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Discussion Starter · #1 ·
I've got one for you...


I've been scanning the VHF TV bands for possible DX lately since our local VHF channels signed off (Except for those broadcasting digitally on 7, 10 and 12 locally.) I noticed a faint analog signal on ch 8, 11 and 13. Those are more or less empty channels near my home. In further investigation I saw Fox programming on 8 and ABC on 11. Remembering the Comcast channel line up in my area, I realized I was viewing a very faint, but detectable signal from somebody's Comcast drop line or an empty tap somewhere in the neighborhood. The signals haven't been strong enough to impact me.


I was curious to see how much of an impact you think 'leaky' cable service lines could cause to OTA reception in Urban areas? A lot of cable companies are keeping their 'lifeline' cable service of local channels in analog on channels 2-13. For those attempting to receive VHF DTV this could be an impact.


I should say, I've been Comcast free for over 4 years, and DTV via OTA only for closing in on two. In the interim I had Dish Network. So the Comcast signal isn't from anywhere in my home.
 

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It will be interesting to see what happens. Transmitter power for digital VHF is considerably lower than for analog. I wonder if the FCC took co-channel interference from leaky cable systems into consideration when setting maximum power levels. There are at least a few stations that went to VHF on the date of the digital cutover and very quickly filed emergency requests to change to UHF because their viewers were having problems. Much of this is likely due to people having the wrong antennas (UHF only) or using indoor antennas for which VHF reception is more problematic, particularly with the reduced power levels. Who knows what if any of it has to do with co-channel interference from cable leaks.
 

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Quote:
Originally Posted by Bozzmonster /forum/post/16984728


I've got one for you...


I've been scanning the VHF TV bands for possible DX lately since our local VHF channels signed off (Except for those broadcasting digitally on 7, 10 and 12 locally.) I noticed a faint analog signal on ch 8, 11 and 13. Those are more or less empty channels near my home. In further investigation I saw Fox programming on 8 and ABC on 11. Remembering the Comcast channel line up in my area, I realized I was viewing a very faint, but detectable signal from somebody's Comcast drop line or an empty tap somewhere in the neighborhood. The signals haven't been strong enough to impact me.


I was curious to see how much of an impact you think 'leaky' cable service lines could cause to OTA reception in Urban areas? A lot of cable companies are keeping their 'lifeline' cable service of local channels in analog on channels 2-13. For those attempting to receive VHF DTV this could be an impact.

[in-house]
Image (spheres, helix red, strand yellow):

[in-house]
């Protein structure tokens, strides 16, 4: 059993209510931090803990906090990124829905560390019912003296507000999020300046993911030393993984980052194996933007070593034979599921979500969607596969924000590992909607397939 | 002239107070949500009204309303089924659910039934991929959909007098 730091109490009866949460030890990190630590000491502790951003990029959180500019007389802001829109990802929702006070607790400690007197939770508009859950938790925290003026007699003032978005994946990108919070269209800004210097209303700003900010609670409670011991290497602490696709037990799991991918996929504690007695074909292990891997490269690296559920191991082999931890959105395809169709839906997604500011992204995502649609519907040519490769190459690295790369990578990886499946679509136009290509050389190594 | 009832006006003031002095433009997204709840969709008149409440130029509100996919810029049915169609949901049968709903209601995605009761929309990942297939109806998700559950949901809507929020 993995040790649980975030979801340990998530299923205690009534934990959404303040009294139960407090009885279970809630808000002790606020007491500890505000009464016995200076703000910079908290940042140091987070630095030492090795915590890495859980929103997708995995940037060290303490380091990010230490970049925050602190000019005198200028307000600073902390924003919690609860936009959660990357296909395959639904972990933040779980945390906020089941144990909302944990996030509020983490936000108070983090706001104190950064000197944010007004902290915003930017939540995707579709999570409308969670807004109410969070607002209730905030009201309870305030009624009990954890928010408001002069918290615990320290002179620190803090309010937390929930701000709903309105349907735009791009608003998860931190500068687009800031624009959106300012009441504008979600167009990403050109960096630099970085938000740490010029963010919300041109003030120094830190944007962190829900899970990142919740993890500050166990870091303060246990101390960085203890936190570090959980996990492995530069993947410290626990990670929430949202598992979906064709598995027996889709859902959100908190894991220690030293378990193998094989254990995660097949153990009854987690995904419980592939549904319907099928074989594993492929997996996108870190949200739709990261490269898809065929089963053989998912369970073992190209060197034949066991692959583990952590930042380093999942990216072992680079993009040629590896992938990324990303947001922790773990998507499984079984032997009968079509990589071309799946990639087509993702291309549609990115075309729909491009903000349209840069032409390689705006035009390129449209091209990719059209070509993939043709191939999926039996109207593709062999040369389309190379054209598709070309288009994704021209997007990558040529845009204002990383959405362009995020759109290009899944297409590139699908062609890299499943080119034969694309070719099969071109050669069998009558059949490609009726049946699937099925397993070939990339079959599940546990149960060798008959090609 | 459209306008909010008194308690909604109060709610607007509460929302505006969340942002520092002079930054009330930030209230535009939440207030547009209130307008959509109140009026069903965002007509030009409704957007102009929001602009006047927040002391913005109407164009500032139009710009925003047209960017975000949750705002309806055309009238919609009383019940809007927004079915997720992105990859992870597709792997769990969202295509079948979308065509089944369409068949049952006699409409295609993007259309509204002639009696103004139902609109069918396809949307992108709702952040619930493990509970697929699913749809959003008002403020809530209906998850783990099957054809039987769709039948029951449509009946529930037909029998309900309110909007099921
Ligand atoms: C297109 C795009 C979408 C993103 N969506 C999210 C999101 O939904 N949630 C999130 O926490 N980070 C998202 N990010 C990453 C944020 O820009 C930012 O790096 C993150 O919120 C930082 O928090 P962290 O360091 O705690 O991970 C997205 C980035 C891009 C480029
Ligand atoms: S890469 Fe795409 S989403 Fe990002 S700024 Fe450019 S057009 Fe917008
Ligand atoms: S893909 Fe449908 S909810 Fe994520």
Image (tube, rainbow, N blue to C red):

I should say, I've been Comcast free for over 4 years, and DTV via OTA only for closing in on two. In the interim I had Dish Network. So the Comcast signal isn't from anywhere in my home.

Sounds to me like someone in your neighborhood has their cable service connected to an antenna that they are no longer using for tv reception. The RF from the cable system would then be transmitted OTA via the antenna.
 

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I had a problem once (back in the all analog days) with a cable system so leaky it interfered with several channels I wanted to get with the antenna. I would call but could not get any response as I was not a cable customer. I finally wrote a letter to their main office thanking them for broadcasting HBO for free to the entire neighborhood. They were out that week.
 

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i worked at a FM station that received a call from the FCC that we were transmitting on the wrong frequency. i checked the transmitter and found nothing wrong. the FCC called back and said they found the cable co had a leak. the cable co rebroadcast our signal a few khz from our frequency as normal. this was not the first time the cable co had a leak.

the fixed the leaks.

milt9
 

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Quote:
Originally Posted by arxaw /forum/post/16994113


bozzmonster, it may very well degrade your OTA VHF DTV reception. Leaks are a big no-no for cablecos. Most will come out and look for the source if you call them.

Better yet, find the phone number for the nearest FCC field office and call them instead. Works much faster.
 

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Discussion Starter · #8 ·
Well, no phone calls necessary. Checked today and no interference at all. I had seen a couple of Comcast trucks in the neighborhood since my post, so there may have been a local issue.


I think the culprit may have been nearby Comcast trunk line service box with a distribution amp. There's one right across the street. Looks like there was some movement around that (grass was disturbed, etc.)


In looking at rooftops around here, A LOT of people have switched to either DirecTV or Dish Network - my closest neighbors in proximity to me use one of the two. I wonder if that says anything?
 

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Back in the late 70s-early 80s in my neighborhood it was possible to receive a snowy but easily watchable signal from all cable channels 2-13 on a tv outdoors with rabbit ears. Even The Movie Channel (originally known as Star Channel, anyone else remember that?) on channel 7, blocked by traps on the line but "broadcast" over the air!
 
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